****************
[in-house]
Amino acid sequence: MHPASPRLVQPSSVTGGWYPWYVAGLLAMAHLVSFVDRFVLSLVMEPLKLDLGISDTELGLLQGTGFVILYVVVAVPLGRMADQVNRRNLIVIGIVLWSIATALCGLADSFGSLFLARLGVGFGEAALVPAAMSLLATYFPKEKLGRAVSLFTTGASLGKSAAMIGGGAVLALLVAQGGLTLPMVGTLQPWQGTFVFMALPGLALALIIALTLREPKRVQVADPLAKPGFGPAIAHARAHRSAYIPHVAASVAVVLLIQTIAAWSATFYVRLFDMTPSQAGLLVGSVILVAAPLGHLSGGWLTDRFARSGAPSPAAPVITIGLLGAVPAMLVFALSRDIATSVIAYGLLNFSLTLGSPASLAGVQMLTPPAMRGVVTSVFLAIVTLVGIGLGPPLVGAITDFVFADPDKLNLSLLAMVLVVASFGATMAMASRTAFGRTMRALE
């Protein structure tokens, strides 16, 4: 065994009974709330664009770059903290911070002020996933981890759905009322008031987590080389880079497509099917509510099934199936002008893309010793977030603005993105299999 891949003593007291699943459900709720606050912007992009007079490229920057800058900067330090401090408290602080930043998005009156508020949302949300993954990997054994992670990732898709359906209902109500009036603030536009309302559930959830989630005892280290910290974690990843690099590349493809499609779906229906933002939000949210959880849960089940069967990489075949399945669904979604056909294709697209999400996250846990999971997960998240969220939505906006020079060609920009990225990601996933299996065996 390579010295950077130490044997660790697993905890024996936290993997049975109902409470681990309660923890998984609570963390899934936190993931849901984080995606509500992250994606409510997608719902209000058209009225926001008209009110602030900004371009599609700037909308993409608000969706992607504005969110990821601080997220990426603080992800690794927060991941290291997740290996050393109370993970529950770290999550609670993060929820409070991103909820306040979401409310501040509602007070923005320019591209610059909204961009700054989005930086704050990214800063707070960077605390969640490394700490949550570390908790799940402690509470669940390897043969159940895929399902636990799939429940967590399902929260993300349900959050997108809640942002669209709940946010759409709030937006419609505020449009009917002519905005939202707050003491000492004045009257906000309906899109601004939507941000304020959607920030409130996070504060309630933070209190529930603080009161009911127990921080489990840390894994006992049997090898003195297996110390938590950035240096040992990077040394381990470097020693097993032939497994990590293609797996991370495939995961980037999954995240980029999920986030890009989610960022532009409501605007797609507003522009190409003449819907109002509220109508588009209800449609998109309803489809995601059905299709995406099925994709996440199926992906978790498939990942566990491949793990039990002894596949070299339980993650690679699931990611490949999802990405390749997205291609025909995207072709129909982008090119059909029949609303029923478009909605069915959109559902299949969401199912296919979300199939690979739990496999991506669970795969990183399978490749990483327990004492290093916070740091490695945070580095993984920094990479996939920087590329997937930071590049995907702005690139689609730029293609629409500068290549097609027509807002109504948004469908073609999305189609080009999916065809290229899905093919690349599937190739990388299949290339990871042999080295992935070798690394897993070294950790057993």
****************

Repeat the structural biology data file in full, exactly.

[in-house]
Amino acid sequence: MHPASPRLVQPSSVTGGWYPWYVAGLLAMAHLVSFVDRFVLSLVMEPLKLDLGISDTELGLLQGTGFVILYVVVAVPLGRMADQVNRRNLIVIGIVLWSIATALCGLADSFGSLFLARLGVGFGEAALVPAAMSLLATYFPKEKLGRAVSLFTTGASLGKSAAMIGGGAVLALLVAQGGLTLPMVGTLQPWQGTFVFMALPGLALALIIALTLREPKRVQVADPLAKPGFGPAIAHARAHRSAYIPHVAASVAVVLLIQTIAAWSATFYVRLFDMTPSQAGLLVGSVILVAAPLGHLSGGWLTDRFARSGAPSPAAPVITIGLLGAVPAMLVFALSRDIATSVIAYGLLNFSLTLGSPASLAGVQMLTPPAMRGVVTSVFLAIVTLVGIGLGPPLVGAITDFVFADPDKLNLSLLAMVLVVASFGATMAMASRTAFGRTMRALE
């Protein structure tokens, strides 16, 4: 065994009974709330664009770059903290911070002020996933981890759905009322008031987590080389880079497509099917509510099934199936002008893309010793977030603005993105299999 891949003593007291699943459900709720606050912007992009007079490229920057800058900067330090401090408290602080930043998005009156508020949302949300993954990997054994992670990732898709359906209902109500009036603030536009309302559930959830989630005892280290910290974690990843690099590349493809499609779906229906933002939000949210959880849960089940069967990489075949399945669904979604056909294709697209999400996250846990999971997960998240969220939505906006020079060609920009990225990601996933299996065996 390579010295950077130490044997660790697993905890024996936290993997049975109902409470681990309660923890998984609570963390899934936190993931849901984080995606509500992250994606409510997608719902209000058209009225926001008209009110602030900004371009599609700037909308993409608000969706992607504005969110990821601080997220990426603080992800690794927060991941290291997740290996050393109370993970529950770290999550609670993060929820409070991103909820306040979401409310501040509602007070923005320019591209610059909204961009700054989005930086704050990214800063707070960077605390969640490394700490949550570390908790799940402690509470669940390897043969159940895929399902636990799939429940967590399902929260993300349900959050997108809640942002669209709940946010759409709030937006419609505020449009009917002519905005939202707050003491000492004045009257906000309906899109601004939507941000304020959607920030409130996070504060309630933070209190529930603080009161009911127990921080489990840390894994006992049997090898003195297996110390938590950035240096040992990077040394381990470097020693097993032939497994990590293609797996991370495939995961980037999954995240980029999920986030890009989610960022532009409501605007797609507003522009190409003449819907109002509220109508588009209800449609998109309803489809995601059905299709995406099925994709996440199926992906978790498939990942566990491949793990039990002894596949070299339980993650690679699931990611490949999802990405390749997205291609025909995207072709129909982008090119059909029949609303029923478009909605069915959109559902299949969401199912296919979300199939690979739990496999991506669970795969990183399978490749990483327990004492290093916070740091490695945070580095993984920094990479996939920087590329997937930071590049995907702005690139689609730029293609629409500068290549097609027509807002109504948004469908073609999305189609080009999916065809290229899905093919690349599937190739990388299949290339990871042999080295992935070798690394897993070294950790057993």